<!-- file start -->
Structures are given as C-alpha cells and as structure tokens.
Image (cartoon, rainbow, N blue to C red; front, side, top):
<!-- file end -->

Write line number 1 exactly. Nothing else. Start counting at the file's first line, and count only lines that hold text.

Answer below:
Structures are given as C-alpha cells and as structure tokens.